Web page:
Finally – some may wonder whether I see this type of consolidation as a good thing – and in this case, I think the answer is a resounding yes. I’m not sure if long-term STAC would have been able to go it solo, especially with the other larger trainer companies in the midst of consolidation (or being for sale). I think if 4iiii plays its cards right over the next 12-18 months, it could find itself as a legit and well-known option for indoor trainers. Of course, that’s going to take some good product engineering and marketing, but 4iiii is well positioned to do that. The alternative is that I think STAC would have had trouble competing, given the funding others have.

Going Forward:

Of course, any time a company makes an acquisition, there’s plenty of questions about the current products – but even more about the future products. When I chatted with 4iiii founder Kip Fyfe about this last month, he noted a few things. First, there’s a surprising number of ways that both companies can leverage each other’s technology. This definitely isn’t all about just adding a trainer brand to 4iii’s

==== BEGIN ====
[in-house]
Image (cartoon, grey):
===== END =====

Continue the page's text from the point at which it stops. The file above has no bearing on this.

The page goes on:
For example, STAC would likely look to leverage some of the experience that 4iiii has around strain gauge technology to increase accuracy of the products while reducing some of the more cumbersome aspects of the current trainers (note that I found when properly set up, the current trainers were very accurate, but the ‘when properly configured’ part could be challenging).  And 4iiii thinks there’s ways beyond the manufacturing assistance I noted earlier to improve about the STAC product lineup.

Yes, line-up. As in, more than just the current two products. For that, Kip says we’ll need to wait till Eurobike to see what they’ve come up with. If they can execute on what they’ve sketched out for me on a napkin, it could be a compelling offering that’s unique in the market. But that’s all they’re willing to share for now. Executing on any vision is always the tough part.

Eurobike returns back to the first week of September this year, and is the typical industry place that we see new trainer announcements occur (or in some cases, be finalized and shipping by then).

With that – thanks for reading!